Soccer highlights are, for better or for worse, part of the fan’s viewing experience. This is particularly true in the United States for two reasons.

For one, soccer highlights allow fans to catch up on games they missed due to other commitments. Whether that be work, sleep or anything in between, the European kickoff times do not necessarily align with American standards. Highlights allow fans to commit to other things. Concurrently, they stay relatively in the know when it comes to the world of soccer.

Secondly, soccer fans across the globe follow multiple players, teams, leagues or countries. Few fans say they only watch one club’s games. This is not to say they are not a fan of a certain club. Instead, that one club may only play twice a week. Meanwhile, there are games every day in some competition that overlap in kickoff times. Soccer highlights make it easy to see the biggest moments from across the sport while still focusing on one game as it happens.

On-demand games are an option, depending on the league, as not every streaming service carries replays. However, like live games, these are lengthy affairs. Few fans have the time to truly watch all games in a league, even on demand.

Therefore, soccer highlights play a role in the viewing experience in some way, shape or form. The most common spot for highlights is social media. YouTube has full game highlights. Twitter has highlights immediately after something happens. TikTok has compilations of soccer highlights for certain players or clubs.

Yet, these soccer highlights can be a hinderance to the viewing experience. People develop predispositions based off small clips instead of getting the game as a whole.

Do soccer highlights impact your viewing experience?

Highlights are, more often than not, goals. Some highlight providers on YouTube, such as NBC or CBS, provide ‘full game’ highlights. These videos run about 10 to 15 minutes, and they show the goals, saves, bookings or other dramatic moments. Other YouTube channels provide shorter highlights. Essentially, it is just goals. The five minute videos do not bring much attention to the complexities of the game. Yet, they do allow us to see who scored, how they scored and who is, more or less, responsible defensively.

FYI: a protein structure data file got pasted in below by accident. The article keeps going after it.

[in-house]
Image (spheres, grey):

The bad

This modified version of watching the game does not make it balanced. It rewards goals more so than defending. Granted, goals get fans on their feet far more than defending. The most storied moments in the sport are goals, not blocks, sorry defenders of the world.

Yet, defensive midfielders can get tossed to the side in these highlight videos. N’golo Kanté, one of Leicester City and Chelsea’s most integral players over the years, is not someone who would appear in a highlight video. Casual fans do not want to see a feisty midfielder win the ball back, they want to see Riyad Mahrez, Eden Hazard or Raheem Sterling, all teammates of Kanté, take a defender on and score.

Same goes for Manchester City’s Rodri. Rodri is one of the best holding midfielders in the world. However, he takes a back seat in highlight videos to the much flashier Kevin de Bruyne or Erling Haaland, despite Rodri getting the play started from its core.

Fact of the matter remains, highlights can impact our understanding of a player’s role. For example, Karim Benzema said that the modern game puts more emphasis on being the man on the end, instead of the one in creation.

“Football has become a game where players can play bad for 90 minutes and then score a goal and be called Man of the Match and get the spotlight. I don’t want to be that kind of a player.”

Highlights certainly play a role, as the person on the scoresheet is the ‘savior’ of the day.

The Good

Again, it is give and take. When there is only so much time in the day, some things in highlight videos get sacrificed to see the moments that define a match. In many cases, people find themselves watching YouTube videos in between games or during half time of other fixtures. It is devotion to the game where applicable.

As a soccer fan, do you ever find yourself watching more highlights than actual games? Why might that be?